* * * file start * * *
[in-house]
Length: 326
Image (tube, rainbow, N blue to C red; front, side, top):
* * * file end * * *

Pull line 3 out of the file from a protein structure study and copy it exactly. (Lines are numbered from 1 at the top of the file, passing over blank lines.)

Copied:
Image (tube, rainbow, N blue to C red; front, side, top):